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“The question posed by contemporary art imposes from the outset the task of bringing together what threatens to fall apart into two antagonistic poles: on the one hand, the art that appears historical, and on the other, the art that seems progressive. The appearance of art as something historical can be described as the delusion of a culture that holds that only what is already familiar to us from our cultural tradition is significant. The appearance of art as something progressive, on the other hand, is sustained by the delusion of the critique of ideology. It claims that history should now begin anew, since we are already thoroughly familiar with the tradition in which we stand and can safely leave it behind. But the riddle that the problem of art sets us is precisely that of the contemporaneity of past and present. There is no question here of anticipation or of degeneration. On the contrary, we have to ask ourselves what it is that maintains the continuity of art and in what sense art represents an overcoming of time.” – Hans-Georg Gadamer, “The Relevance of the Beautiful”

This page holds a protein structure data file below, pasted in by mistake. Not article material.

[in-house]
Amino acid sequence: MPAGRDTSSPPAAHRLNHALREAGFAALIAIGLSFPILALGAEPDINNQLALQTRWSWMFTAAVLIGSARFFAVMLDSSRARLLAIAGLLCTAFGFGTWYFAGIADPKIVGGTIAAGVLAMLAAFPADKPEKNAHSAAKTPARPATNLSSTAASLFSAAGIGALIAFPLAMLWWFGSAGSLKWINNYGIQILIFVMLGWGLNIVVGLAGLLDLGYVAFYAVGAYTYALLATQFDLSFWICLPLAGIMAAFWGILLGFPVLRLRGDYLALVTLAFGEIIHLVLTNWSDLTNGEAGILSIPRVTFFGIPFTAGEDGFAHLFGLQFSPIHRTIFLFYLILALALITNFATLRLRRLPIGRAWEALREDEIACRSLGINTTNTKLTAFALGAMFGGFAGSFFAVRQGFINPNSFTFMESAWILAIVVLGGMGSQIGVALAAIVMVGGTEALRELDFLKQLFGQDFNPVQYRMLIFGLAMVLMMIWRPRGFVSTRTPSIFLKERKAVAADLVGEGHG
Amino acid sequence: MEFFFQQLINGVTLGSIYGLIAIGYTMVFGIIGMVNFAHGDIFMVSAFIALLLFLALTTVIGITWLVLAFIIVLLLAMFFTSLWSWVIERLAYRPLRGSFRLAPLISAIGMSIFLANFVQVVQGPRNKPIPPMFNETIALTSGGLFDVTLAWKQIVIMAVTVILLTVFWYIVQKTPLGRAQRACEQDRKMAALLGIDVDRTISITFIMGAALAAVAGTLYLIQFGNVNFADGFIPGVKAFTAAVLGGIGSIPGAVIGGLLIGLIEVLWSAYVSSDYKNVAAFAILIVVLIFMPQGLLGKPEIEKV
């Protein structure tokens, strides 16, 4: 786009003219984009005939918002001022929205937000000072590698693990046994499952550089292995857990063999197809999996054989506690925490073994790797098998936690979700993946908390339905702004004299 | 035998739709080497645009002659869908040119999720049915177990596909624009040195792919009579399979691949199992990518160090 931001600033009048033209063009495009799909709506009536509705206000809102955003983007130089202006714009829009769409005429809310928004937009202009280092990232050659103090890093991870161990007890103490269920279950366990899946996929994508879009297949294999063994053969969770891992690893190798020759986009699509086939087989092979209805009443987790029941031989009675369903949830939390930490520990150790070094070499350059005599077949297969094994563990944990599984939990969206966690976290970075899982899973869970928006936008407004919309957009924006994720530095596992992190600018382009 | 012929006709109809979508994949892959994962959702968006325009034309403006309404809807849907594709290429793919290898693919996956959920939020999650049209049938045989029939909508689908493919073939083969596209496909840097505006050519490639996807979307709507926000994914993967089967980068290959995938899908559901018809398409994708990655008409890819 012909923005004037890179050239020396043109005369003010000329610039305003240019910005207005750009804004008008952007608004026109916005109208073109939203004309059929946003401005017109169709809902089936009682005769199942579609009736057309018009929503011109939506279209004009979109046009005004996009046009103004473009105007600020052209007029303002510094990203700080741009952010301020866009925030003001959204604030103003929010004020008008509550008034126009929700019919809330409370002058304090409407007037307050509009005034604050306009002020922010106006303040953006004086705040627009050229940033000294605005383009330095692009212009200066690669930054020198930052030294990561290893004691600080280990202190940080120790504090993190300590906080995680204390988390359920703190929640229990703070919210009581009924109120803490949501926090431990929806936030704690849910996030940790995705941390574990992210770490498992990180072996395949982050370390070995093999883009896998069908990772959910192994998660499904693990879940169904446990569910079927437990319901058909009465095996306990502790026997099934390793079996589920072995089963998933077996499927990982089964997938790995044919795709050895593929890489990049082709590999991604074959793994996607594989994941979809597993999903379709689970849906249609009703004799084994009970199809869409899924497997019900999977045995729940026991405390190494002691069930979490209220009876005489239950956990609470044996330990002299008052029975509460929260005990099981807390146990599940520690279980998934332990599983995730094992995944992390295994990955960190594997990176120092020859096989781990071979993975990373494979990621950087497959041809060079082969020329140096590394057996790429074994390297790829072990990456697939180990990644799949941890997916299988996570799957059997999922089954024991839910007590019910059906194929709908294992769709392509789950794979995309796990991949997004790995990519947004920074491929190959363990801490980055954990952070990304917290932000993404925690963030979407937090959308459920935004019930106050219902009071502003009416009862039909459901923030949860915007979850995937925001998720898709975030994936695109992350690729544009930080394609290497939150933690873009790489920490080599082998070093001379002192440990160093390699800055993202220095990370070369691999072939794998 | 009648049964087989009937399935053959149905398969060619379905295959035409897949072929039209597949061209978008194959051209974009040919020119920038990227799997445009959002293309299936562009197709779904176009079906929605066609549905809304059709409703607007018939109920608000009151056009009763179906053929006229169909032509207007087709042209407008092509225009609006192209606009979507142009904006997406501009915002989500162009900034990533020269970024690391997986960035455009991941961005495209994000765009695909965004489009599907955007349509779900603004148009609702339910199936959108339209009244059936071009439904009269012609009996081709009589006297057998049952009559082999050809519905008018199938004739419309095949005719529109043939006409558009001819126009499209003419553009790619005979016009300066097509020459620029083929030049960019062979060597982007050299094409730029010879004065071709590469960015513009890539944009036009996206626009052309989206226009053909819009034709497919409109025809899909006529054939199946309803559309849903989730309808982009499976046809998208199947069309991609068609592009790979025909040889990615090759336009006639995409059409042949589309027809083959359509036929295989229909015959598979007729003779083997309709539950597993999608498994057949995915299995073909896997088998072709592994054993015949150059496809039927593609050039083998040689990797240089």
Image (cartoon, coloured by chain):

Published inHans-Georg GadamerLit & Crit

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